June 3, 2022

The Canadian Society for Exercise Physiology (CSEP) and the University of New Brunswick and Université de Moncton are pleased to announce the return of CSEP’s in-person annual conference! There is a great line-up of Symposia to look forward to and we’ve interviewed each presenter to give you a preview of what to expect and how attending will benefit you.

In this feature we talk to Juan Murais, an Associate Professor in the Faculty of Kinesiology at the University of Calgary. Juan is presenting theSymposium 21: Aerobic exercise prescription in research and training – time for a paradigm shift!” at CSEP 2022. His co-presenters include Calaine Inglis, Daniel Keir, and Danilo Iannetta.

What are you most looking forward to about an in-person conference this year?

I am mostly looking forward to some “normal” human interactions while discussing the work that we do. Even more so, I look forward to discussing science as a valid pretext to enjoy a beer or coffee with friends from our CSEP community!

What can CSEP certified members learn from attending the symposium you’re chairing that they can apply to their practice?

We believe that the work that we are doing in relation to aerobic exercise prescription will contribute to re-shaping physical activity and exercise prescription guidelines. Our work consistently demonstrates that so-called “non-responders” to exercise training do not exist (at least from a cardiovascular perspective) when endurance exercise training is adequately prescribed. Members attending this symposium will receive theoretical information to understand how to prescribe endurance exercise and they will see the latest data on exercise prescription that should provide them with ideas to improve their practice.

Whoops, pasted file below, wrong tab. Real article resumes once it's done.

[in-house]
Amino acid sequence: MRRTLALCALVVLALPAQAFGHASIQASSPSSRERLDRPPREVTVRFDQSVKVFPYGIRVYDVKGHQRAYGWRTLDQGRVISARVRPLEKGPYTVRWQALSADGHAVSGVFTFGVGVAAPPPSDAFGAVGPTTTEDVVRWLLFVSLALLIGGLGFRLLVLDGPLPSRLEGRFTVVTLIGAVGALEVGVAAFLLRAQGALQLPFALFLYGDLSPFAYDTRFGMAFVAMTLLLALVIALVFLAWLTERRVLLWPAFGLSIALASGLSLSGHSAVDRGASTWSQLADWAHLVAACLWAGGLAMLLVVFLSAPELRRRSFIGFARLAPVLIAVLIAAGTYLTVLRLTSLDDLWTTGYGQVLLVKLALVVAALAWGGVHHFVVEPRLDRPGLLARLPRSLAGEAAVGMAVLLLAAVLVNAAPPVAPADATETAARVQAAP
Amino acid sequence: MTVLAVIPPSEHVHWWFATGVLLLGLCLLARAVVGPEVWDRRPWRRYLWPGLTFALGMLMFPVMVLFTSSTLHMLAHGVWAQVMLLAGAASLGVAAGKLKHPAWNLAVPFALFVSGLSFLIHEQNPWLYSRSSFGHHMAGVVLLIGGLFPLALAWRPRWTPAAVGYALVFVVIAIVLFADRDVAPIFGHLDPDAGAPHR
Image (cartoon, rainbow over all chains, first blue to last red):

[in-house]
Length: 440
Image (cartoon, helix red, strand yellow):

What do you think makes this topic and the content unique to the CSEP conference?

We are experiencing a resurgence in the area of exercise prescription in exercise physiology. This is clearly seen in the current literature on the topic, and even in some recent postings for new professors in Canadian universities. Appropriate endurance exercise prescription has been taken for granted for too many years. It is now becoming evident that some of the beliefs that are accepted as true were not right. I believe that CSEP should lead the way in terms of adequate exercise prescription and the work that we present in this symposium should contribute to that.

What advice or recommendations would you offer any early career researchers / young investigators or students who have an interest in this field?

This is a super exciting time to be an exercise physiologist! We are able to collect and process data faster and better than ever and the advances in technological developments (e.g., biosensors, power meters, etc.) will allow us to do our job with a precision that was unthinkable 10-20 years ago. There is a world to discover integrating theoretical knowledge and practical applications with the use of technologies, and the younger generations will take the lead on an exercise prescription “revolution”.

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